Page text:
domingo, enero 11, 2009

About programming and Design

This post appeared in my weblog haskell & Web, but I thing that a lot of things apply to this blog, because it says something about how problem solving is a processes of trial and error, that is: variation and selection, and reason is only a limited ingredient in this process:

As a physicist, I think that programming, like any design in general, is all about making as little use of brain resources as possible at the time of solving problems and to transmit the solution to others. This is the reason why it is pervasive in all kinds of engineering the concepts of modularity, isolation, clean interfacing (for which referential transparency is part of) etc. To decompose a problem in parts each one with simple solutions and with as little uncontrolled interaction with other parts is a rule of good design simply because we can not think in nothing but around seven concepts at the same time (By the way, an evolutionary psychologist would say that the beatifulness of simplicity is related with this release of brain resources). As a matter of fact, these rules of "good" design do not apply to the design of living beings simply because the process of Natural Selection has not these limitations. that is indeed the reason because natural designs are so difficult for reverse engineering.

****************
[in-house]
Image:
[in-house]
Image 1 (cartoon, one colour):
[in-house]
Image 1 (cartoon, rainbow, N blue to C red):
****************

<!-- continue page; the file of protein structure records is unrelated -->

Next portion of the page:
Because such kid of human brain limitations and our lack of knowledge, design has a lot of trial and error. The danger of this is to get lost in the explosion of unfruitful alternatives due to low level issues outside of our high level problem, because the limitation of the tools we are using for it. In this sense, things like the strong type inference is superb for cutting the explosion of erroneous paths that the process of software development can generate. If designing solutions is sculpting order from chaos and against chaos, intelligent tools are the thing needed to keep us concentrated in fruitful courses of action. A physicist would say that design is to lower the entropic balance by progressively lowering the number of microstates until the only ones permitted correspond with the desired outcomes, called "solutions" and a few bugs, of course.

For me, syntactic sugar is one more of this features that make haskell so great. Once we discover that a solution general enough has a correspondence with something already know, such are monads for imperative languages, then, why not make this similarity explicit ,with the do notation, in order to communicate it better with other people making use of this common knowledge?.

I have to say also that, without Haskell, I never dream to have the confidence to play simultaneously with concurrence, transactions, internet communications, parsing and, at the time, keeping the code clean enough to understand it after a month of inactivity. This is for me the big picture that matters for real programming.

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